The island nation of Singapore may be small in size, but it is big in everything else. Although only 710 square kilometers, Singapore is a safe and clean country that loves scuba diving, and also shopping. For divers, this means over 40 scuba diving stores and probably the best place to buy dive equipment in Asia. Most shops carry a wide range of gear and several brands, so it's worth adding a bit of ‘shopping time’ to your travel itinerary in Singapore.
Along with shopping, Singapore is also a great place for scuba training. As a country that takes pride in strictly enforcing rules and regulations, any dive course in Singapore is sure to be thorough and done to standards. However, Singapore’s diving is often shadowed by excellent diving found in the near-by countries of Indonesia and Malaysia.
There is diving found around Singapore, particularly several small islands to the southwest where there are reefs and a few wreck dives. Unfortunately with its dense population of over 5 million people, the reefs close to Singapore are heavily dived and show the wear and tear of overuse. Boat traffic is also a problem around the island, so divers must take care around boat channels. Most dive shops offer weekend or weeklong trips to dive other popular Asian dive locations for open water training dives and for dive tours. Several liveaboards depart from Singapore and explore Indonesia and Malaysia, but do not dive in Singapore waters.
Singapore’s Changi Airport (SIN) is a gateway to Asia receiving over 5000 flights from around the world each week. Once in Singapore, getting around the island is easy with the MRT and LRT rapid transit systems that access almost the entire island. Taxis are also available 24 hours a day and there is a clean and safe bus system. Cars are easy to rent as well.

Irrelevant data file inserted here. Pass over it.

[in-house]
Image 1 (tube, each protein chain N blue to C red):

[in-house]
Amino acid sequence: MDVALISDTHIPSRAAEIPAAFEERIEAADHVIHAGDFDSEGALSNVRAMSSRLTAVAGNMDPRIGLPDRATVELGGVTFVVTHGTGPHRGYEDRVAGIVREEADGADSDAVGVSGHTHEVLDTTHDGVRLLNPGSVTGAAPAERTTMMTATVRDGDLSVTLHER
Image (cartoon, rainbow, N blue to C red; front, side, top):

Only 1.5 degrees north of the equator, Singapore has a hot, tropical climate year round with little variation. Air temperatures range from 24-32C in the winter and 26-33C in the summer. Water temperatures are 25-28C. A short, but heavy rain storm usually occurs daily but from November to June is the monsoon season where more rain and storms can occur more often. Singapore uses the Singapore dollar and has English, Mandarin Chinese, Malay, and Tamil for official languages.
Singapore’s most popular diving can be found just offshore the southwest corner of the island. Pulau Hantu is made up of two islands, Hantu Besar (Big Ghost) and Hantu Kecil (Small Ghost). It is about a 30-minute boat ride from Singapore. Often a slow drift dive, there is healthy mushroom corals, soft corals, clown and anemone fish, crabs, and nudibranchs. Lucky divers might spot a seahorse, turtles, or nurse sharks. Most of the dive is shallow and the max depth is 18m.
Pulau Hantu is a popular dive site, especially on weekends when many boats run morning and afternoon trips to the site. The high density of divers has led to some coral damage and the site looks well used, but it’s the best and quickest spot for diving in Singapore.
Three wrecks are found in Singapore waters (all to the southwest of Singapore.) The Sudong Wreck is located off Sudong Island and may possibly be the HMS Goodwill, a WWII frigate. It sits on its port side with the bottom at 15m and the top at 4m. Currents can be strong and a busy boat channel is nearby, which can both be hazardous. Close to the coast of Hantu, the Hantu Wreck is a small wooden boat that is mostly gone, but wooden beams remain with pretty growth. The Sisters Wreck, or the MV Iran Sarai, is a 50m freighter. It is upside down but some penetration is possible, although the ship is deteriorating.